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SBA head promotes businesses owned by women, Latinos in Detroit visit

Myesha Johnson
The Detroit News

Detroit – The top official with the U.S. Small Business Administration visited Detroit on Thursday to promote the government's efforts to promote businesses owned by woman and Latinos.

Of the 900,000 small businesses in Michigan, nearly 340,000 are owned by women, and just over 24,000 are owned by Hispanics. Isabella Casillas Guzman toured one of those businesses, Hacienda Mexican Foods, and met the owner of the tortilla chip maker, Lydia Gutierrez.

Hacienda Foods President and CEO Lydia Gutierrez, center, introduces supervisor Lucia Garcia, right, to SBA Administrator Isabella Casillas Guzman, left, during the tour, Thursday afternoon, September 22, 2022.
U.S. Small Business Administration Administrator Isabella Casillas Guzman takes a tour of Hacienda Foods in Southwest Detroit.

Guzman also participated in a panel with other female business leaders in Grosse Pointe Shores to promote the SBA's new digital tools available for existing and aspiring small businesses operators.

"During the pandemic, we saw dramatic shifts to higher technology adoption across businesses with everything from operational efficiencies, e-commerce, social media," Guzman said. "We want to leverage this moment to make sure small businesses continue to grow with digital technology."

The conference announced free resources to help small businesses expand their customer base, manage their growth, find and retain employees and enter new markets.

"They're still facing challenges... we want to connect them to these partners and have frank discussions about what's needed so that we can all adapt and respond to help the small businesses," she said.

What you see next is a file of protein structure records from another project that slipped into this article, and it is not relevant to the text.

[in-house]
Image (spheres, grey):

Gutierrez said a Paycheck Protection Loan she received from the SBA during the COVID-19 pandemic was critical to saving the business she started in southwest Detroit with her late husband in 1994.

In the early days of the pandemic, the distributors and restaurants that make up Hacienda's customer base stopped ordering.

Hacienda Mexican Foods owner President and CEO Lydia Gutierrez, left, puts her arms up in delight as she welcomes SBA Administrator Isabella Casillas Guzman, right, to her business.

Without the SBA aid, "I don't think we would've been in business. Had we closed the doors we would not have been able to (re)open," Gutierrez said. "We would have had to try to activate again and that would've been very difficult for us, so we kept our doors open."

Now, Gutierrez plans to build another manufacturing location in southwest Detroit in the near future, creating over 150 jobs.

"I'm very thankful and humbled by having Isabella Guzman here ... as a role model, as a female Latina in a position that she has," Gutierrez said. "I think that she's doing a tremendous job, that she's out there and that people can identify with her is really important."